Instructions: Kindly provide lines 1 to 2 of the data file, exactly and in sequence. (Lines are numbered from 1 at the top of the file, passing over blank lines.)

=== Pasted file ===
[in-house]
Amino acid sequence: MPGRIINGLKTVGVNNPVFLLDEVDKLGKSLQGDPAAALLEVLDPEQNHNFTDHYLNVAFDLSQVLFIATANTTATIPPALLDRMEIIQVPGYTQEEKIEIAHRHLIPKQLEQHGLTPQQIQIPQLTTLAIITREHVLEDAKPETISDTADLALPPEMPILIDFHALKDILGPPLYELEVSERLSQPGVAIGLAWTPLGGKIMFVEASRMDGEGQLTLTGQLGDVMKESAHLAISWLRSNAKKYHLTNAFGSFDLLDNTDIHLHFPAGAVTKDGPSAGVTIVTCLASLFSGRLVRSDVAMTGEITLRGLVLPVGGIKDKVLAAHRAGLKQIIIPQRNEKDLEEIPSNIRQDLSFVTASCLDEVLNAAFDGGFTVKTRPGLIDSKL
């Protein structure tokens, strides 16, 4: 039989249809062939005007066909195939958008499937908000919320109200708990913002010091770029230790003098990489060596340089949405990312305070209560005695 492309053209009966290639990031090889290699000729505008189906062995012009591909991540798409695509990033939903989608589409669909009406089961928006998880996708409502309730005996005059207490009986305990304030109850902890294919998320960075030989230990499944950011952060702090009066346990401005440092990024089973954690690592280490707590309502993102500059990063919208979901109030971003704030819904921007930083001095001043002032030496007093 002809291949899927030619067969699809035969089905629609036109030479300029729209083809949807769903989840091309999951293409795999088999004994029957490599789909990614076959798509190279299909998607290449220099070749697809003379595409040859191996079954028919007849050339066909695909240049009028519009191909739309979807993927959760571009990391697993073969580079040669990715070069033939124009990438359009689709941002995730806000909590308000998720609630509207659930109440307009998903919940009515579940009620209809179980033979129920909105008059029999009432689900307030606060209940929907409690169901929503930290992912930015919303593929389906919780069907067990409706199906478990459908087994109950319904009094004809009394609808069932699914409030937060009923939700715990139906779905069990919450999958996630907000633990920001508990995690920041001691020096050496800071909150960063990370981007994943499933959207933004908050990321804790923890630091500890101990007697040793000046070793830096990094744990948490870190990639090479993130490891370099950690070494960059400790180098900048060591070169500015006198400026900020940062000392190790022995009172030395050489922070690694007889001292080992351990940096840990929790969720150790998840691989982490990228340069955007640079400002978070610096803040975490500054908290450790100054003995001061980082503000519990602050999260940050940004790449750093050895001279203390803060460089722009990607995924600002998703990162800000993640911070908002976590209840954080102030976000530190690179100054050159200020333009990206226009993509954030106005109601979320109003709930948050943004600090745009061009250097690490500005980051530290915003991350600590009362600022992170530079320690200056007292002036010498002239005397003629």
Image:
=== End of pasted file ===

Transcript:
[in-house]
Amino acid sequence: MPGRIINGLKTVGVNNPVFLLDEVDKLGKSLQGDPAAALLEVLDPEQNHNFTDHYLNVAFDLSQVLFIATANTTATIPPALLDRMEIIQVPGYTQEEKIEIAHRHLIPKQLEQHGLTPQQIQIPQLTTLAIITREHVLEDAKPETISDTADLALPPEMPILIDFHALKDILGPPLYELEVSERLSQPGVAIGLAWTPLGGKIMFVEASRMDGEGQLTLTGQLGDVMKESAHLAISWLRSNAKKYHLTNAFGSFDLLDNTDIHLHFPAGAVTKDGPSAGVTIVTCLASLFSGRLVRSDVAMTGEITLRGLVLPVGGIKDKVLAAHRAGLKQIIIPQRNEKDLEEIPSNIRQDLSFVTASCLDEVLNAAFDGGFTVKTRPGLIDSKL